The so-called “cromnibus” legislation, that will prevent the federal government from shutting down on Thursday, contains a provision that will allow a single donor to give hundreds of thousands of dollars to their political party, in addition to other donations that will still be legal under federal law. The bill (on pages 1599–1601) permits party committees to create three “separate, segregated account[s]” that fund their presidential nominating convention, their headquarters buildings, and to pay for recounts and “other legal proceedings.” Donors will be permitted to give $97,200 to each fund per year.
Compared to other recent incursions on campaign finance law, the most significant of which were spearheaded by Republicans on the Supreme Court, the cromnibus’ new campaign finance rules are likely to have only a marginal effect. Current law already permits donors to give up to $32,400 per year to an election recount fund, in addition to other donations authorized by law, and the three funds described by the cromnibus are earmarked for very specific purposes.
Nevertheless, money is fungible. If the two parties can pay for the cost of maintaining their headquarters out of earmarked funds, for example, rather than doing so out of their general funds, then they will have more general funds left over to pay for other expenses — such as ads seeking to elect their candidates to office. So, while many donors may appear to be donating carefully earmarked funds, the practical effect of their donations will be more money spent on elections.
Additionally, the significance of the cromibus’ campaign finance provisions may only seem marginal because the Supreme Court has done so much more in recent years to inject large amounts of money into elections. Although the Court held in the 1970s that lawmakers may regulate campaign finance “to limit the actuality and appearance of corruption resulting from large individual financial contributions,” in Citizens United v. FEC, however, the Roberts Court gave a very narrow definition to the word “corruption.” The fact that donors “may have influence over or access to elected officials does not mean that these officials are corrupt,” according to Citizens United.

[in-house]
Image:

As a leading textbook on election law explains, spending skyrocketed in the wake of Citizens United. Between 2008, the last presidential election year before Citizens United, and 2012, the first presidential election after the decision, spending by non-campaign groups rose 245 percent in the presidential election, by 662 percent in House races, and by 1,338 percent in Senate races.
A few years after Citizens United, the Supreme Court effectively legalized various forms of money laundering that could enable wealthy donors to funnel huge sums of funds to candidates. Prior to the Court’s decision in McCutcheon v. FEC, federal law capped the total amount of money donors may give to all federal candidates ($48,600) and to all political committees ($74,600). In McCutcheon, the Court’s five Republicans declared those caps unconstitutional.
In his dissenting opinion in McCutcheon, Justice Stephen Breyer explained several money laundering schemes that were likely to emerge without the caps in place. A party, for example, might set up a “Joint Party Committee” consisting of all three of their national party committees and a state party committee from each of the 50 states. Under McCutcheon, a single donor could give as much as $1.2 million to this joint committee, which could then be redistributed in order to influence a specific race or races.
So the Supreme Court has already carved so many holes in American campaign finance law that another hole can only allow but so much more money to leak out. Nevertheless, the provisions in the cromnibus could prove quite significant if one of the Court’s five Republicans are replaced by President Obama or another president skeptical of Citizens United. In that circumstance, the Court would likely overrule decisions like Citizens United and McCutcheon, but repealing the cromnibus’ changes to campaign finance law would take another act of Congress.